Clinical Factors Associated With Treatment Noncompliance in Euthymic Bipolar Patients
J Clin Psychiatry 2000;61(8):549-555
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Background: Noncompliance with medication is a
very common feature among bipolar patients. Rates of poor
compliance may reach 64% for bipolar disorders, and noncompliance
is the most frequent cause of recurrence. Knowledge of the
clinical factors associated with noncompliance would enhance
clinical management and the design of strategies to achieve a
better outcome for bipolar patients. Although most patients
withdraw from medication during maintenance treatment, compliance
studies in euthymic bipolar samples are scarce.
Method: Compliance treatment and its clinical
correlates were assessed at the end of 2-year follow-up in 200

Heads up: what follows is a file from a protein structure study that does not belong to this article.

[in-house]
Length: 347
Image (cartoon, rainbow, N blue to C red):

patients meeting Research Diagnostic Criteria for bipolar I or
bipolar II disorder by means of compliance-focused interviews,
measurements of plasma concentrations of mood stabilizers, and 2
structured interviews: the Schedule for Affective Disorders and
Schizophrenia and the Structured Clinical Interview for DSM-III-R
Axis II disorders. Well-compliant patients and poorly compliant
patients were compared with respect to several clinical and
Results: The rate of mildly and poorly compliant
patients was close to 40%. Comorbidity with personality disorders
was strongly associated with poor compliance. Poorly compliant
patients had a higher number of previous hospitalizations, but
reported fewer previous episodes. The type of treatment was not
associated with compliance.
Conclusion: Clinical factors, especially
comorbidity with personality disorders, are more relevant for
treatment compliance than other issues such as the nature of
pharmacologic treatment. Compliant patients may have a better
outcome in terms of number of hospitalizations, but not necessarily with respect to the number of episodes. Bipolar
patients, especially those with personality disorders, should be
monitored for treatment compliance.